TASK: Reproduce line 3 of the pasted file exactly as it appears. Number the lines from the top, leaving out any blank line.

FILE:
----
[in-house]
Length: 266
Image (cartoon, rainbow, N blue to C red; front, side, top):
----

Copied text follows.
Image (cartoon, rainbow, N blue to C red; front, side, top):